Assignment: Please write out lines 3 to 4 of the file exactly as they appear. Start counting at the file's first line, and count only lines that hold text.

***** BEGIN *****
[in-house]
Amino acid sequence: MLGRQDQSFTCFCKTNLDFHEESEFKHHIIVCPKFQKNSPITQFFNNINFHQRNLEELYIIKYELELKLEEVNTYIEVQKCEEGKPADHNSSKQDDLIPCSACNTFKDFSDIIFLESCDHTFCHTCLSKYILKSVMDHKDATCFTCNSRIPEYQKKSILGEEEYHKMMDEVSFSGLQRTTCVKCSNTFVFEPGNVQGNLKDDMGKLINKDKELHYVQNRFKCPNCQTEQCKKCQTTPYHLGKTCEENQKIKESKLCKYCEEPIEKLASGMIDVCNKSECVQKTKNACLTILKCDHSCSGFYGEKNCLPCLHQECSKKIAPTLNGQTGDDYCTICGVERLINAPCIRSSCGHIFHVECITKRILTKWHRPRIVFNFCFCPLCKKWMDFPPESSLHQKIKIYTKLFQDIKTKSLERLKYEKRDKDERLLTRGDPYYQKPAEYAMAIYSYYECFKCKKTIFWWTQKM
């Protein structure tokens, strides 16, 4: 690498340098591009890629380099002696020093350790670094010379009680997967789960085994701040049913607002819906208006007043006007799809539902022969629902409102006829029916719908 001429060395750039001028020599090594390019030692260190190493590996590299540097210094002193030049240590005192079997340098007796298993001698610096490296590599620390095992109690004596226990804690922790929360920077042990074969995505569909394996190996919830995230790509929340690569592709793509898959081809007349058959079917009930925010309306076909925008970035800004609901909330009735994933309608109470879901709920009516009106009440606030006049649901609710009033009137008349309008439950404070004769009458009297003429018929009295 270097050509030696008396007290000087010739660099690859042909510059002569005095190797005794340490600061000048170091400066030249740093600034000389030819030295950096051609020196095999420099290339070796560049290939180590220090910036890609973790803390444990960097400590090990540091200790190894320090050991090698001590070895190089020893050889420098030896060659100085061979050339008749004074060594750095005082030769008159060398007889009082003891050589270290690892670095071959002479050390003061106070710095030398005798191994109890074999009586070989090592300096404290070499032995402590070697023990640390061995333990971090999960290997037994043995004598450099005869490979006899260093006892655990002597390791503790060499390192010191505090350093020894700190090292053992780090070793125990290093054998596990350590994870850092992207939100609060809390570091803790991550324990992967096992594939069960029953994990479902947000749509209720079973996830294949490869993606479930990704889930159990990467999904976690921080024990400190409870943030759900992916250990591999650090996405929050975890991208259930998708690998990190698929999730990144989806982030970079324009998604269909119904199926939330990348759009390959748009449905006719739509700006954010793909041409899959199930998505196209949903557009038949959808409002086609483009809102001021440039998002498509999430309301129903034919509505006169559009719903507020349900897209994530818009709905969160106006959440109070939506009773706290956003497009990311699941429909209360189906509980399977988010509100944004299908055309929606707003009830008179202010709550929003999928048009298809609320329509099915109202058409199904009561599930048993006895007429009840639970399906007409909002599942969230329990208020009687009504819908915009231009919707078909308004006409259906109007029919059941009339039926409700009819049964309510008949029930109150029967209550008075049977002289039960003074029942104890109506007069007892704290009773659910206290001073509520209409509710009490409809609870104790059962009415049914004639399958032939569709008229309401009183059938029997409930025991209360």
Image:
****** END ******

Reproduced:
């Protein structure tokens, strides 16, 4: 690498340098591009890629380099002696020093350790670094010379009680997967789960085994701040049913607002819906208006007043006007799809539902022969629902409102006829029916719908 001429060395750039001028020599090594390019030692260190190493590996590299540097210094002193030049240590005192079997340098007796298993001698610096490296590599620390095992109690004596226990804690922790929360920077042990074969995505569909394996190996919830995230790509929340690569592709793509898959081809007349058959079917009930925010309306076909925008970035800004609901909330009735994933309608109470879901709920009516009106009440606030006049649901609710009033009137008349309008439950404070004769009458009297003429018929009295 270097050509030696008396007290000087010739660099690859042909510059002569005095190797005794340490600061000048170091400066030249740093600034000389030819030295950096051609020196095999420099290339070796560049290939180590220090910036890609973790803390444990960097400590090990540091200790190894320090050991090698001590070895190089020893050889420098030896060659100085061979050339008749004074060594750095005082030769008159060398007889009082003891050589270290690892670095071959002479050390003061106070710095030398005798191994109890074999009586070989090592300096404290070499032995402590070697023990640390061995333990971090999960290997037994043995004598450099005869490979006899260093006892655990002597390791503790060499390192010191505090350093020894700190090292053992780090070793125990290093054998596990350590994870850092992207939100609060809390570091803790991550324990992967096992594939069960029953994990479902947000749509209720079973996830294949490869993606479930990704889930159990990467999904976690921080024990400190409870943030759900992916250990591999650090996405929050975890991208259930998708690998990190698929999730990144989806982030970079324009998604269909119904199926939330990348759009390959748009449905006719739509700006954010793909041409899959199930998505196209949903557009038949959808409002086609483009809102001021440039998002498509999430309301129903034919509505006169559009719903507020349900897209994530818009709905969160106006959440109070939506009773706290956003497009990311699941429909209360189906509980399977988010509100944004299908055309929606707003009830008179202010709550929003999928048009298809609320329509099915109202058409199904009561599930048993006895007429009840639970399906007409909002599942969230329990208020009687009504819908915009231009919707078909308004006409259906109007029919059941009339039926409700009819049964309510008949029930109150029967209550008075049977002289039960003074029942104890109506007069007892704290009773659910206290001073509520209409509710009490409809609870104790059962009415049914004639399958032939569709008229309401009183059938029997409930025991209360």
Image: